We might hold that the immortal God is love, and that mortal love is his image; this thought runs like a golden thread through all of Dante’s work. But instead we might hold that mortal love itself is God, and Dante wants us to understand that the temptation to such idolatry is inherent in all love. The soul who is ruled by love sacrifices himself for the true good of the beloved. That is not idolatry. But suppose he goes on to worship her. Is he still serving her true good? No, because it is no mortal good to be worshipped; it harms her. But if his worship harms her, then it is no longer loving at all. We might debate how common it is for someone to worship the beloved herself. But it is not at all unusual for him to worship his own state of adoration — and that is not true love either. (81, emphasis added)
What is secular Valentine’s Day if not the feast day of such idolatry? Does our culture not take the feeling of love and “fashion her into a sweet long legged icon?”¹ We worship our own states of adoration — or, if we are single, bemoan the lack of such enchantment in our lives.
Real romantic love, on the contrary, is realized not so much in feelings as in choices and promises. Budziszewski explains,
The natural habitat of romantic love isn’t the fly-me-to-the-moon escapade, but the humdrum matrimony. So far is the married state from putting an end to romantic love that for many people, the first experience of it comes only after they have been married a long time and are well-practiced in charity. (78)
For love to become itself, it needs marriage and the humility marriage entails. Christian marriage has always been about more than just the man and the woman. It is a picture of Christ and his church, an echo in creation of God’s own love.
It is this sort of love for which St. Valentine died. Subordinated to God, Aphrodite becomes not a tyrant but, as C.S. Lewis conceived of her, Perelandra, a small-g goddess who brings fertility — new life — in this dying world, who unlocks love for those who are willing. In the final pages of Lewis’ That Hideous Strength, when Mark returns to his wife, Jane, he is welcomed by a “great lady standing by a doorway in a wall.”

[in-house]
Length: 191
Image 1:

It was not Jane, not like Jane. It was larger, almost gigantic. It was not human, though it was like a woman divinely tall, part naked, part wrapped in a flame-coloured robe. Light came from it. The face was enigmatic, ruthless he thought, inhumanly beautiful. It was opening the door for him. He did not dare disobey. (380)
Godly love ought not to be disobeyed. To defy it is to defy the great Lover himself. I wonder at the coincidence that we denied the historical Valentine during the height of the sexual revolution — despite evidence that he did live. We need to recover St. Valentine — man or canonical myth. We need his dedication not to romantic fancy but to marriage. Without it, we risk the tyranny of Aphrodite, with our Valentine’s Day becoming ever more like the old Lupercalia — only today we lack even the latent goodness in the old pagan festival, for we reject fertility and embrace barrenness.
As Wright said, to go forward, we must repent — literally, turn around. The way, to quote Lewis, is “descending the ladder of humility” (380). Will we?
¹ “Love of Mine” by Nickel Creek.